Joanna Tebbs Young
CIRCLES OF COMMUNITY
Two years ago, Manhattan resident and creative community-builder Stacy Harshman Googled the terms: depressed, therapy, work, community, mountains. From the results, it was Spring Lake Ranch (SLR) in Cuttingsville that caught her eye. A multi-talented artist, writer and musician who has struggled with bi-polar disorder, Stacy said her time at SLR has made her, “a much happier version” of herself.
“One of my greatest learnings is about being resilient,” Stacy said. “I’ve struggled with bi-polar disorder for most of my adult life. This has knocked me around and off my dearest wishes and plans many times, yet somehow, with the great help of my family and friends, I have gotten back up, picked up the pieces and patched them back together. I think, and hope, that my creativity is a more colorful patchwork as a result of overcoming these challenges.
“I am proud of the creative community I built in Manhattan,” Stacy continued. “I wanted to create a space for people to share that was warm and welcoming and free for everyone, and that celebrated all kinds of expression.” And she did.
At her “Sunday Salons,” Stacy hosted comedians, singers, dancers, magicians, tai chi masters, poets, glass artists, composers and actors in her home in the East Village. “The joy they brought everyone who participated was spine tingling. We created something very special. I hope to re-create that specialness and community here, Vermont-style.”
How Stacy plans to do that is through her brand-new adventure: The Sparkle Barn, in Wallingford.
After her time at SLR, taken by the beauty of the area, Stacy moved to Rutland and took a part-time job at Pierce’s Store in Shrewsbury. Here she found a striking contrast to Manhattan, where “the art scene, along with everything else, is so competitive and so, ‘who you know.’” In Vermont, she felt welcomed and part of the community. “I knew I was done with the fast-paced and sometimes unwelcoming vibe of Manhattan,” Stacy said, “Rutland, and Vermont, were much nicer.”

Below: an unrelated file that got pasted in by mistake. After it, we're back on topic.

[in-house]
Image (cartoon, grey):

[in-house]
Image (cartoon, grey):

Holding onto a vision of one day owning a store with beautiful, handmade objects from around the world, Stacy found that her success at selling via Facebook the paintings she was creating in her apartment in Rutland, was the encouragement she needed. “It re-ignited my dream. This time around though, the dream could include my own art.”
And when she found a property beside Route 7 in Wallingford with a barn which used to be an antique store, she knew she had found her spot.
Stacy explained that owning such a store is in her blood. “My Grandparents owned an antique store, so I grew up around unique pieces that had stories. I’m passionate about beauty, and the history and stories that go along with the physical manifestation of it. I’m also passionate and fascinated by artists’ unending creativity and talents. I also love finding beauty. I call myself a beauty-collector.”
The Sparkle Barn, which will have its grand opening this weekend, July 1 and 2, offers unique, handmade art and artisan creations from Vermont and all over the world, for which Stacy’s selection criteria has been simple: Is it handmade? Does it delight? In the future, the upstairs of the barn will be used for classes, workshops and events such as music, art shows and movie nights. For the opening weekend, there will be 25-percent-off barn-wide, two drawings for $50 gift certificates and refreshments.
“I feel art can be about the appreciation and celebration of creativity and supporting independent artists,” Stacy explained. “My goal is to create community through art, especially through the classes and events we will host in the future. I feel the Sparkle Barn is a place where community can gather and grow.”
IF YOU GO:
Grand Opening of The Sparkle Barn
July 1 and 2
1509 US 7 S
Wallingford, VT 05573
Hours are Tuesday – Sunday,
10 a.m. – 6 p.m.